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I'm trying to implement a generic function in Rust where the only requirement for the argument is that the multiplication operation should be defined. I'm trying to implement a generic "power", but will go with a simpler cube function to illustrate the problem:

use std::ops::Mul;

fn cube<T: Mul>(x: T) -> T {
    x * x * x
}

fn main() {
    println!("5^3 = {}", cube(5));
}

When compiling I get this error:

error[E0369]: binary operation `*` cannot be applied to type `<T as std::ops::Mul>::Output`
 --> src/main.rs:4:5
  |
4 |     x * x * x
  |     ^^^^^^^^^
  |
  = note: an implementation of `std::ops::Mul` might be missing for `<T as std::ops::Mul>::Output`

What does this mean? Did I choose the wrong trait? How can I resolve this?

0
37

Let's break down your example a bit:

fn cube<T: Mul>(x: T) -> T {
    let a = x * x;
    let b = a * x;
    b
}

What are the types of a and b? In this case, the type of a is <T as std::ops::Mul>::Output — sound familiar from the error message? Then, we are trying to multiply that type by x again, but there's no guarantee that Output is able to be multiplied by anything!

Let's do the simplest thing and say that T * T needs to result in a T:

fn cube<T: Mul<Output = T>>(x: T) -> T {
    x * x * x
}

Unfortunately, this gives two similar errors:

error[E0382]: use of moved value: `x`
 --> src/lib.rs:6:9
  |
6 |     x * x * x
  |     -   ^ value used here after move
  |     |
  |     value moved here
  |
  = note: move occurs because `x` has type `T`, which does not implement the `Copy` trait

Which is because the Mul trait takes arguments by value, so we add the Copy so we can duplicate the values.

I also switched to the where clause as I like it better and it is unwieldy to have that much inline:

fn cube<T>(x: T) -> T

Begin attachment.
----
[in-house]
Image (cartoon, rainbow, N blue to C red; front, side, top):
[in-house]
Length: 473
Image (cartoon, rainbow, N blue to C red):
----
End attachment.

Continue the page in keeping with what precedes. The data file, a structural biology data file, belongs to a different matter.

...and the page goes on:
where
    T: Mul<Output = T> + Copy
{
    x * x * x
}

See also:

0
15

The bound T: Mul does not imply that the result of the binary operator is also of type T. The result type is an associated type of this trait: Output.

The other issue is that before Rust 1.0 the operator traits switched from pass-by-reference to pass-by-value. In generic code this can be a bit of a pain in the butt (for now at least) because these operators consume their operands unless you also require the types to be Copy.

Just for completeness (in case you don't like to require Copy), let me add some information about a possible alternative direction.

For the sake of generic code, authors of "numeric types" are encouraged to provide additional non-consuming implementations of these operator traits so that you don't need Copy or Clone. For example, the standard library already provides the following implementations:

 f64 implements Mul< f64>
 f64 implements Mul<&f64>
&f64 implements Mul< f64>
&f64 implements Mul<&f64>

Each of these implementations has f64 as the Output type. Making use of these traits directly is not pretty:

fn cube<T>(x: &T) -> T
where
    for<'a> T: Mul<&'a T, Output = T>,
    for<'a, 'b> &'a T: Mul<&'b T, Output = T>,
{
    x * x * x
}

Eventually, we might get some (slightly) higher level traits, which would reduce the noise. For example: T: Mul2 could imply T: Mul<T> + Mul<&T> and &T: Mul<T> + Mul<&T>, but at the time of writing this, the Rust compiler does not seem able to handle this. At least I could not successfully compile the following code:

use std::ops::Mul;

pub trait Mul2
where
    Self: Mul<Self, Output = Self>,
    Self: for<'a> Mul<&'a Self, Output = Self>,
    for<'a> &'a Self: Mul<Self, Output = Self>,
    for<'a, 'b> &'a Self: Mul<&'b Self, Output = Self>,
{
}

impl<T> Mul2 for T
where
    T: Mul<T, Output = T>,
    T: for<'a> Mul<&'a T, Output = T>,
    for<'a> &'a T: Mul<T, Output = T>,
    for<'a, 'b> &'a T: Mul<&'b T, Output = T>,
{
}

fn cube<T: Mul2>(x: &T) -> T {
    x * x * x
}

fn main() {
    let c = cube(&2.3);
    println!("Hello, world! {}", c)
}

I think it's safe to say that things will improve in this area. For now, the ability to generically implement numeric algorithms in Rust is not as good as I would like it to be.

3

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